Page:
The figures above represent the well-being of poor people. They are much better than in the first scenario though the rich still owns the largest. Society’s wealth is still unevenly distributed. Lorenzo’s curve has the following advantage of providing a visual representation of the information economists may wish to consider and in our case wealth inequality prevailing in the society. The study can also be used to show changes in the way in which wealth has been distributed across different counties. e.g.
The curve does not however show the degree of poverty posed by the poor people; though in most cases the poor can afford some of the luxuries products and services such as television.
The Gini Coefficient
It is a complementary way of representing inequality information. It is termed as the ratio between the Lorenzo curve and the line of absolute equality (numerator) and the whole area under the line of absolute equality. (Denominator). Having extreme values of 0 and 1 the Gini Coefficient can be represented as C/OAB.
The coefficient 0 and 1 are represented as percentages 0% and 100%. The 0% shows that there is equality in terms of wealth while the 100% shows that total inequality of wealth distribution exists. The ratio thus gives an impression that the lower the value between 0 and 100 the higher the probability of equality. The Gini Coefficient, therefore, displays a summary statistic. The coefficient can be represented as a time series trend or as a set of cross-sectional figures.
From the preliminary above we can conclude that some countries seem to have more wealth than others. To understand the kind of data presented above it is important to have a clear logic on which to build comparisons of the inequality of distribution wealth. Microeconomics calls for a clear definition of the basic units in society explaining who is to count and also of the characteristic (wealth) whose distribution is to be described.
The explanation below for the existence of such huge decisions in wealth can be of various ways. Most of this is as a result of social change or directly economic in origin.
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Different changes in the tax and benefit system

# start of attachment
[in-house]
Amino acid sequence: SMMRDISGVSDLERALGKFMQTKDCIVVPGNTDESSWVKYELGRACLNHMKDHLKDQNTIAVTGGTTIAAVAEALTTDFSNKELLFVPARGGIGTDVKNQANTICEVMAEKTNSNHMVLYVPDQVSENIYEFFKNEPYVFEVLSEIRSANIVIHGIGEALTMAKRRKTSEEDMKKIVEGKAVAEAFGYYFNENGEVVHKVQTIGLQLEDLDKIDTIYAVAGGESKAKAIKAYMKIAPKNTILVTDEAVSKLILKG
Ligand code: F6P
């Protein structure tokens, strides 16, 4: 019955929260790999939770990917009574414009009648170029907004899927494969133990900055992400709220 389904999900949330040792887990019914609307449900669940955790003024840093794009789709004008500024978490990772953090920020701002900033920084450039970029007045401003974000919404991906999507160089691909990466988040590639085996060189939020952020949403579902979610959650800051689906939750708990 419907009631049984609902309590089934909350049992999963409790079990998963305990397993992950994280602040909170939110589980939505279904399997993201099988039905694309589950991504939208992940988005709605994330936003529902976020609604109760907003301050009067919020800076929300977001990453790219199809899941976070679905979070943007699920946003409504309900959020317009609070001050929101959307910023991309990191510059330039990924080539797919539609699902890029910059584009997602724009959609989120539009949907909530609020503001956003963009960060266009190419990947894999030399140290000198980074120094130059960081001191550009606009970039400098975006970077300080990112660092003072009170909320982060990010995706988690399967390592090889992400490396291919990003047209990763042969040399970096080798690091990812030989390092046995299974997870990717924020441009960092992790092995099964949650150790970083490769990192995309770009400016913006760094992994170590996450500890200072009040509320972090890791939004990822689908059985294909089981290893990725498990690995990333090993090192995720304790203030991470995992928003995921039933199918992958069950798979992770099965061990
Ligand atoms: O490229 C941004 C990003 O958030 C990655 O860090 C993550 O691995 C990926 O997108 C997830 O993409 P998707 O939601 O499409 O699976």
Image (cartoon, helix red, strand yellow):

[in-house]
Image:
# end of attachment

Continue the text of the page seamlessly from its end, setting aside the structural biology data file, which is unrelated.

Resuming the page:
The different tax changes either directly or indirectly have contributed to the increase in relative poverty. Taxes on salary greatly affect the citizens of those countries where the percentage is much higher than where it is low. The benefits system for the disadvantaged in society has also contributed to this inequality.
Unequal distribution of resources
The failure of certain countries to make sure resources are distributed freely is another problem that puts this deviation higher in those countries. It is the work of the government to ensure that, each individual benefits from these resources and that not some few people own them.
Un employment effects
This causes poverty and an increase in income and wealth inequality.e.g. in a case where there is an increase in the No of households but is in paid employment or where a family depends only on the state welfare benefits.
The deviation because of different pays in different jobs and industries
This disparity arises as a result of some companies both in the public and private sector paying wages and salaries that differ. The lowly paid individuals being the less-skilled workers form the highest percentage of households.
It is apparent from our discussion that, inequality of wealth distribution in the world is a common history despite the increasing living standards in the society. Wealth distribution is partly blamed on the government which should ensure that there is equitable distribution. The governments should then be informed about the right process to take to solve this crisis. The terms wealth and income have emerged to be two different words and should not be used interchangeably. Wealth refers to a stock of financial and real assets which includes equities, property, savings in banks, and ownership of land, bonds, etc.
Income on the other hand refers to the flow of factor incomes and they include salary, wages, rent from ownership of land, and interest from banks or dividends from shares. The distribution of the wealth stock is much more unequal than the flow of income in a given fiscal year. People might have an improved wealth-income which improves their standards of living but with less wealth.
‘Businesshackers, Web 2.0 startups. Profitable ideas for business. Web 2.0 and life”, 1 million readers can’t be wrong, 2008. Web.
Champernowne, D G. and Cowell, Frank Alan. Economic Inequality and Income, Cambridge University, 1998.
Glanville, Alan and Mark, Stump. Economics from a Global Perspective, Oxford, 1997.
McConnell, Campbell R, and Brue Brue, Stanley L. Microeconomics: Principles, Problems, and Policies, McGraw-Hill Professional, 2005.